The focus of this proposed 36-month qualitative continuation project is to investigate the influence of motherhood on the lifestyles of female gang members, who are either pregnant or mothers.
Our aim i s to widen and extend our on-going research on homegirls (female gang members) and alcohol consumption (NIAAA R01 AA11971). We will examine the influences of the process of motherhood (from pregnancy to parenthood) by focusing on: 1) their involvement and membership in the gang; 2) their alcohol consumption and drinking practices; and 3) other related high-risk behaviors, including drug use, violence and gang related criminal activities. In spite of extensive research on teenage pregnancy and motherhood, research on homegirls who are either pregnant or have children is comparatively sparse. Using primarily qualitative and ethnographic research methods, we plan to locate and interview 180 homegirls, who are either pregnant or have children, from each of the three major ethnic groups -- African-American, Hispanic and Asian-American. By utilizing: 1) a pre-coded descriptive data form, 2) a pregnancy and motherhood time line, and 3) a life history, family gang and motherhood semi-structured interview schedule, we will examine the influence of pregnancy and motherhood on the lives of homegirls and especially the possible effects on their alcohol consumption. This project is important for two reasons: First, given the special circumstances of this group of high risk young women, including the high prevalence of pregnancy and heavy use of alcohol coupled with the high risk nature of the environments in which they operate, this population is a particularly important group of high risk adolescent girls on which to conduct research. Second, it will highlight the extent to which adolescent homegirls modify their alcohol consumption during each trimester during pregnancy and once they become mothers. Information from this project will provide important data in assisting community based organizations design counseling, prenatal, parenting and prevention programs specifically suited for the needs of this high risk group of adolescents and their children.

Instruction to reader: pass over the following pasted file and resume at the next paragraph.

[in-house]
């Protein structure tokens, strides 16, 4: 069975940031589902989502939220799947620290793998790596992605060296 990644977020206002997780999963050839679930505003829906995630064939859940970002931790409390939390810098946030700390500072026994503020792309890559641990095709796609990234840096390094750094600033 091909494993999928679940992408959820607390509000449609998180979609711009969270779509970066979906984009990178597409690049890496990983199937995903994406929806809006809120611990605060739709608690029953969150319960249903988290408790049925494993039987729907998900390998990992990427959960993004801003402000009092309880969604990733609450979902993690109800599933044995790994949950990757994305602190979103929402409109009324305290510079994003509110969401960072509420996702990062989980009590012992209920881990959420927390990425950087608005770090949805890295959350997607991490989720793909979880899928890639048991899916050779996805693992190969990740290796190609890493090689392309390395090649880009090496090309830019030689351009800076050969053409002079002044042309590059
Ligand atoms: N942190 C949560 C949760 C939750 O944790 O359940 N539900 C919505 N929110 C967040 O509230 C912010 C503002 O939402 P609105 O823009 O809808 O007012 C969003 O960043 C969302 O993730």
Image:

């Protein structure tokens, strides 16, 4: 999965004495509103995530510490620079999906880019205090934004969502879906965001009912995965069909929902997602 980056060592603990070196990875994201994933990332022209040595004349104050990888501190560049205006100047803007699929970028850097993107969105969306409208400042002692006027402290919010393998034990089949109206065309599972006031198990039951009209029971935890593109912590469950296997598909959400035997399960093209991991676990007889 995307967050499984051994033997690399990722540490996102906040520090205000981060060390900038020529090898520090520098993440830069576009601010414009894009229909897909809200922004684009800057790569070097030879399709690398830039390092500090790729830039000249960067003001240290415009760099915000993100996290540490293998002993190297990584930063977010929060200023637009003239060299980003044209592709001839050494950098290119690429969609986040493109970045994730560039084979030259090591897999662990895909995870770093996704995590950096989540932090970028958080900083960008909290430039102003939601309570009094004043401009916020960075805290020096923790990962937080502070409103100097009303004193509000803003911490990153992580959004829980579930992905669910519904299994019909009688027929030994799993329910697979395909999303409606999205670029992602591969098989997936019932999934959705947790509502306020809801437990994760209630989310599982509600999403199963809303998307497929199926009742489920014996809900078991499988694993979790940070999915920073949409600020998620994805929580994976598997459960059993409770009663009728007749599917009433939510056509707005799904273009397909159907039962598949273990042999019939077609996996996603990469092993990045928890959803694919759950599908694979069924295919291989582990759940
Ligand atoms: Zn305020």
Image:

National Institute of Health (NIH)
National Institute on Alcohol Abuse and Alcoholism (NIAAA)
Research Project (R01)
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Special Emphasis Panel (ZRG1-SNEM-4 (04))
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Salaita, Kathy
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Scientific Analysis Corporation
San Francisco
United States
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Hunt, Geoffrey; Moloney, Molly; Joe-Laidler, Karen et al. (2011) Young Mother (in the) Hood: Gang Girls' Negotiation of New Identities. J Youth Stud 14:1-19